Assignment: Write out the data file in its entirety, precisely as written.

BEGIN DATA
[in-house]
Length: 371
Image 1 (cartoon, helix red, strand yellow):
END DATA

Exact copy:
[in-house]
Length: 371
Image 1 (cartoon, helix red, strand yellow):